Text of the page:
On February 10, 2020, the government of the United Kingdom has confirmed plans to introduce import controls on goods from the European Union at the border, after the transition period ends on December 31, 2020.
Since the UK officially left the European Union at the end of January 2020, the two parties are negotiating their future relationship during a transition period, in which the UK continues to operate as a member of the EU.
The UK aims to take back control of its borders and start global trade deals, when leaving the European Union and single market.
In a statement, the United Kingdom names reasons for this decision, including keeping its borders safe and secure, ensuring to treat all trading partners equally and collecting customer rights, VAT and excise duties. An additional factor is the EU’s announcement to enforce checks of UK goods, when entering the Eurozone.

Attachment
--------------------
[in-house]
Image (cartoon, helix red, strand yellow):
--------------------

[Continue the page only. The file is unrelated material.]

Britain’s government stated to treat all UK exports and imports equally, including traders in Britain and the EU having to submit customs declarations and be liable to check on goods.
The Chancellor of the Duchy of Lancaster, Michael Gove said: “The UK will be outside the single market and outside the customs union, so we will have to be ready for the customs procedures and regulatory checks that will inevitably follow.”
“As a result of that we will be in a stronger position, not just to make sure that our economy succeeds outside the European Union but that we are in a position to take advantage of new trading relationships with the rest of the world,” added Gove.
The government recommended businesses to prepare for border controls by getting an Economic Operator Registration and Identification (EORI) number and asses how they want to make declarations.